On October 3, a federal judge in San Francisco entered a preliminary injunction barring the termination of Temporary Protected Status designations for Haiti, Sudan, Nicaragua, and El Salvador.

The lawsuit, Ramos v. Nielsen, challenges the decision of the U.S. Department of Homeland Security to terminate TPS designations for these nations. The plaintiffs were TPS beneficiaries who have resided in the United States for years and their children, who are U.S. citizens. Unless the government appeals the preliminary injunction, the injunction will remain in place until the court issues a final decision on the merits.

As we have previously reported, foreign nationals needing relief because conditions in their countries prevented safe return have been able to seek a TPS designation by the Department of Homeland Security or its predecessor. Qualifying conditions include natural disasters, civil war, and other extraordinary and temporary conditions. Those granted TPS are allowed to remain in the United States for the authorized period and are eligible to obtain employment and travel authorization and, where qualified, to seek other temporary status or permanent resident status.

TPS designation is currently available for 10 countries, but the designations are being terminated because the DHS has determined that the emergency conditions justifying the designation no longer exist. The DHS also determined that continuing difficult conditions in the country that were not qualifying conditions did not justify a TPS designation. TPS designation for Sudan was due to expire on November 2, Nicaragua on January 5, 2019, Haiti on July 22, 2019, and El Salvador on September 9, 2019.

While the preliminary injunction is in place, these TPS designations will not terminate.

The decision to terminate TPS designations obviously has a direct and substantial impact on the affected individuals, many of whom have been in the United States for several years, but also on the U.S. employers who employ many of these individuals.

Basis for the injunction

To grant a preliminary injunction, the court had to find that the plaintiffs would suffer irreparable harm, had a sufficient likelihood of success on the merits, and that the balance of the hardships favored the TPS beneficiaries and their families. In finding irreparable harm, the court noted,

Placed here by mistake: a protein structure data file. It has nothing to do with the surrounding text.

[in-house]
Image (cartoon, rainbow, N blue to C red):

[A]bsent injunctive relief, TPS beneficiaries and their children indisputably will suffer irreparable harm and great hardship. TPS beneficiaries who have lived, worked, and raised families in the United States (many for more than a decade), will be subject to removal. Many have U.S.-born children; those may be faced with the Hobson’s choice of bringing their children with them (and tearing them away from the only country and community they have known) or splitting their families apart. In contrast, the government has failed to establish any real harm were the status quo (which has been in existence for as long as two decades) maintained during the pendency of this litigation. Indeed, if anything, Plaintiffs and [friends of the court] have established without dispute that local and national economies will be hurt if hundreds of thousands of TPS beneficiaries are uprooted and removed.

The court also found that the balance of hardships weighed in favor of the plaintiffs. Finally, the court found that the plaintiffs made “a substantial showing on the merits,” saying that the DHS applied new criteria that had not been applied by prior administrations “and did so without any explanation or justification in violation of the Administrative Procedure Act.” Moreover, the court said,

There is also evidence that this may have been done in order to implement and justify a pre-ordained result desired by the White House. Plaintiffs have also raised serious questions whether the actions taken by the Acting Secretary or Secretary was [sic] influenced by the White House and based on animus against non-white, non-European immigrants in violation of Equal Protection guaranteed by the Constitution.

Although the Supreme Court had ruled in June in Trump v. Hawaii (Travel Ban case) that the President had broad power to decide which foreign nationals should be admitted or excluded, the Ramos court said that the TPS situation was distinguishable because 1) national security was the basis for the Travel Ban but not at issue with TPS designations; (2) the plaintiffs in Ramos were already in the United States and entitled to certain constitutional protections, unlike those outside the United States “who are seeking admission for the first time”; and (3) although the Administration had broad discretion to issue the Travel Ban, “Congress has not given the [DHS] carte blanche to terminate TPS for any reason whatsoever.”

Outlook for TPS beneficiaries

It is fair to say that the battle has just begun and that the future for TPS beneficiaries in general is uncertain.

The DHS, in terminating TPS designations, has said that it was up to Congress to come up with a legislative solution because, in the opinion of the DHS, the TPS beneficiaries were not entitled to continued status in the United States. As was the case with the Deferred Action on Childhood Arrivals, a legislative solution makes a lot of sense, but there has no favorable action on this front for either group. Meanwhile, the TPS expiration dates were fast approaching.

We expect an immediate appeal by the Trump Administration to seek to overturn the preliminary injunction. The Administration undoubtedly will be emboldened by the U.S. Supreme Court’s Travel Ban decision, which affirmed the President’s power in this area, even if based on alleged religious animus, so long as the actions “can reasonably be understood to result from a justification independent of unconstitutional grounds.”

We will continue to follow this case and will keep you posted.

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